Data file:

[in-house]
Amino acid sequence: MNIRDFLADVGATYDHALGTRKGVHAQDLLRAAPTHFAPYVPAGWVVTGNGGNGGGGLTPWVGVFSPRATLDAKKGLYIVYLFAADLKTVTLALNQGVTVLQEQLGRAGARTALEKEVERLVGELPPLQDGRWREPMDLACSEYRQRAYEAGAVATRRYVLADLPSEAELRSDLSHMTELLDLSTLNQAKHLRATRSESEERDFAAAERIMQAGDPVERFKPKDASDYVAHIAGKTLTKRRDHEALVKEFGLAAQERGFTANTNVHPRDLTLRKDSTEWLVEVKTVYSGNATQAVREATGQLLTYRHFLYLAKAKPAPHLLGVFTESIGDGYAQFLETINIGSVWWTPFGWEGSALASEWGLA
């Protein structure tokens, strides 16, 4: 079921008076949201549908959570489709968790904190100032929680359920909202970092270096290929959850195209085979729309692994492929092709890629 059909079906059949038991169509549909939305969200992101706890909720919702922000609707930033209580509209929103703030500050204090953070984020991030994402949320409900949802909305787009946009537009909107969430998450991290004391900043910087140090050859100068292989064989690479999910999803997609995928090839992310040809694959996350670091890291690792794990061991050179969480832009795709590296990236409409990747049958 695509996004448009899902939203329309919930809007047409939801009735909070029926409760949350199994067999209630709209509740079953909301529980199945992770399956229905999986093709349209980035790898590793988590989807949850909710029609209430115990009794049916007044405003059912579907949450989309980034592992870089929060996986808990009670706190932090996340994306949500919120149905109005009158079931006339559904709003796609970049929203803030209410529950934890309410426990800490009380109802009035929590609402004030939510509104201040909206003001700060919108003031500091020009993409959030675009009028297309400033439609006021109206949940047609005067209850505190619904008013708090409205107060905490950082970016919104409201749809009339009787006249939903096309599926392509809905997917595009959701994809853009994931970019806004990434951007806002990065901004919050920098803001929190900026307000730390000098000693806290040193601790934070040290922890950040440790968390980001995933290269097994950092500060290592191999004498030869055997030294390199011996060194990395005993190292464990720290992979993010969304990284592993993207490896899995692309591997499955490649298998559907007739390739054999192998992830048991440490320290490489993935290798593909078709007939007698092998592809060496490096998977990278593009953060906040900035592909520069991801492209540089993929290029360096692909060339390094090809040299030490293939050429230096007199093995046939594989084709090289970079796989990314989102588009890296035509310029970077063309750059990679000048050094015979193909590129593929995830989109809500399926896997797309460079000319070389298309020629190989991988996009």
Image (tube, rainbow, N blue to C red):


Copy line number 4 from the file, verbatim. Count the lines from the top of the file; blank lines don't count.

Image (tube, rainbow, N blue to C red):